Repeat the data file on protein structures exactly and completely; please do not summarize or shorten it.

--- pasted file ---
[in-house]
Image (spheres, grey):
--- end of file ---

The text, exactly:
[in-house]
Image (spheres, grey):